There is a proposal for Fedora 39 to use DNF5 for software package management to improve performance and user experience.
One of the most important aspects of any Linux distribution is the tools we use to manage software. Of course, we’re talking about the command line tool we use to install, remove, and update the package base.
These tools significantly impact the overall user experience and perception of a particular Linux distro.
So, the APT tool is available for all Linux distros that use the DEB package format, such as Debian, Ubuntu, and Linux Mint. Correspondingly, it is DNF for RPM-based systems like Red Hat and Fedora.
Fedora, as we all know, has always excelled in its pursuit of innovation and offering its users the most cutting-edge Linux technology. This is mainly due to Fedora’s status as a testing ground for future stable Red Hat Enterprise Linux versions.
In other words, Red Hat software engineers can pre-test the functioning of various Linux tools before they are implemented in RHEL, where stability is always the top concern.
So it is no surprise that there is a proposal in Fedora Linux 39, which is expected to be released late next year, for the DNF software management tool to be replaced with DNF5. As a result, DNF, LIBDNF, and DNF-AUTOMATIC will be replaced by the new DNF5 and Libdnf5 libraries.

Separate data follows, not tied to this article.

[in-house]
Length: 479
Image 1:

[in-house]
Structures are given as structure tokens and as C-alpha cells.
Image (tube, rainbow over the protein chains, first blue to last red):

This is undoubtedly a welcome change. But let us explain why we think this and the advantages of DNF5 over the currently used DNF to our readers.
With DNF, the metadata fetching is the slower part. In other words, almost every time you run DNF, you will sit there waiting for metadata to download. On top of that, it is currently single-threaded. This causes system memory usage to skyrocket when fetching updates to the package lists.
So, for all repositories, it is download, next parse, and then loop. However, thanks to its major codebase improvements, DNF5 will parallelize this so that at least parsing happens while the next repo is downloading.
In other words, the new DNF5 will significantly improve performance and user experiences. To summarize, the following are the key advantages that users will get once DNF is replaced with DNF5 in Fedora 39:
- A tighter, smaller, and faster system as a result of removing the requirement of Python currently used in DNF.
- Significant performance improvement when loading repositories and executing RPM queries.
- DNF5’s new and improved progress bar offers a better user experience.
- If it is integrated into Desktop, the new daemon could give an alternative to PackageKit for RPMs.
However, DNF5 is still in heavy development, so we’ll have to wait another year to see all this stuff in action. And while it isn’t a revolutionary change, it is remarkable.
So, all we have to do now is wait for Fedora 39, which, as previously said, is likely to debut somewhere in late 2023.